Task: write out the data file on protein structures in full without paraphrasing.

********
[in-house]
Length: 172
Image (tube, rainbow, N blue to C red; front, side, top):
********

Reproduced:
[in-house]
Length: 172
Image (tube, rainbow, N blue to C red; front, side, top):